Wow, the Bournemouth Echo did an interview with me and they've only gone and published it!

Time passes by so quickly that I didn't realise that I have been down in Bournemouth for so long, over 21 years. We talked about what I used to do and what I do now. Compared to the huge number of digital startup companies around here, I do feel like a Digital Dinosaur.

This is the longest I have lived in a single place, and do firmly call it home.

Click for Bournemouth Echo Article

Dave Hall from the Larder House/Library of Liquor took us through a very interesting evening tasting different Japanese sake and learning about its background and the part that milling process plays.

7 sake were on offer and a couple of them had a little extra treatment to make them traditional and memorable, although for some it was a bit too much, ha ha. You shall see.

All dressed up in Akashi Tai aprons Dave and Salvatore were ready to get the evening rolling, as opposed to getting down to some deep and dirty sumo wrestling. Dave began by giving some background to the brewing process and how sake is more akin to beer than wine. Many of the sake makers are small scale, and the product can be totally encompassing for the people working there, sleeping and waking to turn the rice over and so on on a regular basis. Amazing.

We are loving the real ale Micropub scene that is developing around Bournemouth, as it is around the country.

We did a little mini-micropub crawl the other weekend and thoroughly enjoyed the venues and the chats with the owners and fellow drinkers alike. You can't really do that in other pubs as easily can you? Try that in 'Spoons or some high street pub and you will probably be met by a strange look.

Starting off in Winton, we called into the Silverback Ale House - I tried a Porter and then a Blue Monkey 10.5% Russian Imperial Stout in a bottle.

A short walk back down the High Street, during one of the worst stormy nights to hit England in 2016, we ended up in the Micro Moose (their Micro Moose Facebook page). A few more beers and chats with the locals. Had a great conversation with a gentleman at the bar, talking about all sorts of stuff, including hats, neckties, Strictly and more. I'm sure we both enjoyed the ramblings and I left him with a nice cigar for his time!

Next it was a taxi ride to the Saxon Bear in Christchurch. By that time, I "barely" had room for one more and just sipped away whilst enjoying the fun and laughter.

A fantastic afternoon to early evening outing for sure, and fully recommended.

It was American Whiskey theme night over at the Larder House this time (11 Nov 2016). No major structural fabrications this time like there was for the World of Whiskey or the Rum nights, but the fun and games were still there in spades.

On entry, we were actually entering an old Cowboy Saloon to be met by a shot of Rittenhouse Rye whiskey to chased by a shot of pickle juice, a pairing called a Pickleback. Slightly acquired taste but at least I know the leftover pickle juice from those jars have another use. Something oddball to try with your next set of dinner guests methinks.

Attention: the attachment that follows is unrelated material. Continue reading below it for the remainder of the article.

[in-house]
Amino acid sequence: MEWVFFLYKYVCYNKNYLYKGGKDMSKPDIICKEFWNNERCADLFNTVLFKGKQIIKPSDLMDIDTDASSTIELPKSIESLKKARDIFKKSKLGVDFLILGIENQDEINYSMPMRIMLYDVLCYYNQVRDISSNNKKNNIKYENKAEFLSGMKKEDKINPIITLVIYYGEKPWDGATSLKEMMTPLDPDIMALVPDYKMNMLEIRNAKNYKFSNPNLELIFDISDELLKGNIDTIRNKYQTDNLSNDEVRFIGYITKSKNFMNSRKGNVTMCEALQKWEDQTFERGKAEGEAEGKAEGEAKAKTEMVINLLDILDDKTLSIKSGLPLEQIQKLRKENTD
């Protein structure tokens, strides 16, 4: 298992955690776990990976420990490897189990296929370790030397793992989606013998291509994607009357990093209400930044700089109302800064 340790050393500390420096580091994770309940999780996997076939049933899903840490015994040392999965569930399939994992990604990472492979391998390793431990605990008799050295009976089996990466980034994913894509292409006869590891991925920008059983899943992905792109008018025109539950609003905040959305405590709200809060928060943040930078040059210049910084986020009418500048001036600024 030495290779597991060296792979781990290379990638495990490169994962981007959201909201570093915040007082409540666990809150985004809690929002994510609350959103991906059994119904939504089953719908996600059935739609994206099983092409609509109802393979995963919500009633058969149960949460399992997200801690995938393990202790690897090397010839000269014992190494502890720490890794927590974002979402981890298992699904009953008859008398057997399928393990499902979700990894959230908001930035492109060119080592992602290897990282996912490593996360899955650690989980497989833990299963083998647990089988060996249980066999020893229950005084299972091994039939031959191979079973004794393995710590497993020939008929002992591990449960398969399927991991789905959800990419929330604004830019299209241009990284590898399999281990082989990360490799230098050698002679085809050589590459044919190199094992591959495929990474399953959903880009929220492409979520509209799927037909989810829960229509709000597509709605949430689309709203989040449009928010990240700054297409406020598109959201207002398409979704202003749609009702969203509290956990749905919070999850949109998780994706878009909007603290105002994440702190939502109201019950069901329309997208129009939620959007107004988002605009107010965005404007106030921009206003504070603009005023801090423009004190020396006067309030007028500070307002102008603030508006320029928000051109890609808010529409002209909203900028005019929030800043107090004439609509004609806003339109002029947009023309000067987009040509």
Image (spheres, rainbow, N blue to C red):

Whilst the Cowboy Saloon music played on, we were treated to a couple of mixed cocktails in the form of a mint julep made with Evan Williams Extra (a Bourbon), and also a Mellow Corn Blinker (a whiskey made from corn). OK, the night is getting interesting.

With all this alcohol flying around the platters of chicken wings, cured salmon and frickles (fried pickles for the vegetarians) came out at the right time.

Chris Thomson playing keyboards

It's been a while since I have been to an music concert, a gig, as opposed to seeing music in a pub. I think the last one was Coldplay at Crystal Palace, which took hours to painfully get out of. I also remember a dodgy Simply Red one as well, but best forgotten.

You probably haven't heard of The Bathers, as not many have given that they are often quoted as the Scottish band that is one of Scotland's best kept secret and never got the recognition they deserved. Did you know the singer Chris Thomson also teamed up with two of the Commotions, of the Lloyd Cole fame, and produced an epic album called Fortuny under the name of Bloomsday?

He first came to the fore as the singer of a band called Friends Again, from which members also popped up in Love and Money, and Texas. It was when I was 16-18 at school in the 6th form that I first heard the band's music. It followed me as one of the soundtracks of adulthood, along with the music of David Sylvian, and coincidentally the keyboard player Paul McGeehan has released an album called Starless that name checks David Sylvian in its sleeve notes. The maturity of the Bathers' music followed me into middle age.

Anyway, come October 2016, on a Sunday night in Islington London, I am at the Lexington Pub, which has such a relatively small concert space, to see the Bathers. We were even stood next to Chris Thomson's brother-in-law, who had never seen him sing.

It was a lovely gig, from a very appreciative crowd that ended on two separate encores. They played the old Friends Again track of Honey At The Core for me, and then they came back on to play Girlfriend for Angela. We were both happy and had a great weekend.

Website: The Bathers Official

Twitter: The Bathers Official